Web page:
In Rose v. Geico et al., No. 1D11-4843, Rebecca Rose began working for Geico Corp. in 1998 as an underwriter. Her job duties included data-entry work using a computer keyboard. She began complaining of numbness and tingling in her hands.
In April 1999, her doctor diagnosed her with bilateral carpal tunnel syndrome. Eight years later, in October 2007, her doctor recommended surgery on Rose's right wrist.
Rose submitted a petition for benefits in August 2008, identifying her date of injury as April 1, 1999.
Geico and its insurance carrier denied her claim for the surgery, asserting the statute of limitations for her to file a claim based on the 1999 date of injury had elapsed.
Rose then filed a second petition for a repetitive trauma injury, allegedly beginning Sept. 16, 2008.
Geico also denied this petition, but a judge of compensation claims determined that Rose's repetitive trauma injury was compensable.
In December 2009, the 1st DCA reversed the judge's award of benefits saying the only medical evidence at the administrative proceedings was the testimony of Rose's doctor, who had last examined Rose a year before her alleged date of injury in 2008 and that she could not say whether Rose's continuing use of a keyboard was causing her symptoms to continue or worsen without conducting diagnostic testing.
The court said such testimony was insufficient to prove an industrial cause of Rose's condition.
Rose then filed another petition for benefits, listing Feb. 1, 2010, as the date of injury.
The Judge of Compensation Claims (JCC) noted that two doctors both diagnosed Rose with carpal tunnel syndrome. Both doctors stated they could not form an opinion as to whether her current symptoms were any different from her symptoms in 2007.
Although Rose had EMG studies done in 2002, 2003 and 2007, she underwent no additional testing after that, so there were "no objective findings that would support a change in condition since 2007," the JCC said.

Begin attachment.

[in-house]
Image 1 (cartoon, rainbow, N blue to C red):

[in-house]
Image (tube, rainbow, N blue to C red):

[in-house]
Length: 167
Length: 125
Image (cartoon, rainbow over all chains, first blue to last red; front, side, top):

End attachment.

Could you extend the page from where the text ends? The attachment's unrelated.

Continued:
Absent such evidence, the JCC concluded that Rose failed "to prove a new accident or injury or an aggravation or exacerbation of a pre-existing condition."
The 1st DCA on Wednesday said that the JCC applied an incorrect standard of proof on Rose.
"Section 440.09(1), Florida Statutes (2009), requires that causation be established by clear and convincing evidence in cases of repetitive exposure," the court explained in its per curiam decision. "Nothing in these requirements places a burden on a claimant to prove that the condition has changed or somehow worsened."
The fact that the doctors were not able to say that Rose's symptoms in 2010 were different from her symptoms in 2007 was "not dispositive," the court said, since repetitive trauma can be proven by demonstrating a series of occurrences, the cumulative effect of which is injury.
In this case, Rose's undisputed testimony was that she engaged in extensive typing on a daily basis for 13 years, and an independent medical examiner opined that this type of work was a major contributing cause of her carpal tunnel. Such evidence, the court concluded, was enough to satisfy Rose's burden to prove an injury and its occupational cause.
The WorkCompCentral story on the case this morning has the attorneys on both sides commenting on the legal effect of the decision - but what strikes me about this case is that Rose keeps on working a job that she says keeps on hurting her. I'm unclear on the psychology or motivation for this.
As I returned from my bicycle ride yesterday I ran into a neighbor and we briefly talked. He commented that he wished he could be as "in shape" as me but that it was too much work.
I said that it's not work if it's fun, and riding bicycles is about the most fun in the whole world! (Yeah, I have a little SpongBob in me...).
Cycling is repetitive trauma. Your legs go up and down to power the crank at an average of 90 revolutions per minute (at least that's the target RPM for cyclists my age - much more than that and you risk heart redlining, and less than that and the cardiovascular benefit deteriorates dramatically).
If you ride for 2 hours, then your legs go up and down 10,800 times. If you ride for 3.5 hours then that's 18,900 times.
There's a lot of repetitive trauma going on with the legs. Knees, ankles, quadriceps, calves ... And when I'm done with 50 or 70 miles I hurt. My legs are sore. I'm tired.
But I do it the next day. And the day after that. In fact I do it every day (except for days when I'm traveling and can't rent a bike - and the anxiety I experience due to my compulsiveness is probably a psychological injury in workers' comp terms!).
I put myself through repetitive trauma every day because it isn't work. It's fun.
So ostensibly I have to think that Rose is having fun at work, otherwise why would she continue to engage in repetitive trauma that she knows leads to pain?
I get the rationale for recognizing repetitive or cumulative trauma. I don't get the rationale for staying on the job for 13 years knowing the whole time, and making claim the whole time, that the job is injurious.
I guess it must be fun.